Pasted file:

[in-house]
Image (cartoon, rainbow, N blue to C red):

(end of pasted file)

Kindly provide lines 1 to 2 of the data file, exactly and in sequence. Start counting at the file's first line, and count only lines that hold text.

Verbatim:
[in-house]
Image (cartoon, rainbow, N blue to C red):